Anti-gay Houston official threatens to recall lesbian mayor if nondiscrimination bill passes
Anti-gay activist and Houston Community College Board of Trustees member Dave Wilson (R) is threatening to recall Houston mayor Mayor Annise Parker (D) and any city council members who vote in favor of an ordinance that would outlaw discrimination on the basis of gender identity and discrimination.
Wilson is best known nationally for winning his spot on the Houston Community College Board of Trustees by misleading voters into believing that he is an African-American. He filled his fliers with black faces pulled from stock photography websites and claimed to be endorsed by Ron Wilson, an African-American former state representative — when, in fact, he was endorsed by his cousin, who also happened to be named “Ron Wilson.”
Of the eight largest metropolitan areas in the United States, Houston is the only one without these nondiscrimination protections. But according to Wilson, the equal rights ordinance is “absurd, it’s unheard of.” He also claimed that the ordinance is “pure payback for the mayor. She’s paying back her core constituents that support her.”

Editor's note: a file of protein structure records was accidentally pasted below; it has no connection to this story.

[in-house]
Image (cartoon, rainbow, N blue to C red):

Wilson noted that the city’s charter allows for elected officials to be recalled on the grounds of incompetence, misconduct, malfeasance or unfitness for office, and claimed that voting for this “absurd” nondiscrimination ordinance would compel him and his supporters to believe the mayor “to be incompetent.”
The charter also states that citizens would have 30 days to organize a recall election. They would need the signatures of 25 percent of the number of people who cast ballots in the election. In the case of Mayor Parker — for whom 170,000 Houstonians voted in the last election — that would amount to approximately 42,500 signatures. But in the case of the city councilors that Wilson has also threatened to recall, that number would only be 2,500.
“It would be tough to recall the mayor,” Wilson told KHOU. “And that’s why we’re looking at the other strategy. All we want to do is defeat this ordinance.”
“It does make council members pause and reconsider,” said Bob Stein, a Rice University political scientist told KHOU. “I think it also shows that the mayor is weak in the eyes of at least somebody. And should this petition drive succeed, it might lessen her ability to push legislation through the council.”
[Screen capture of Dave Wilson via YouTube]